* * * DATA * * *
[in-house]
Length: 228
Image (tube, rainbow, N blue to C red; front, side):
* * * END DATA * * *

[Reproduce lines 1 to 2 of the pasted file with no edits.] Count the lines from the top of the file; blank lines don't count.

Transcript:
[in-house]
Length: 228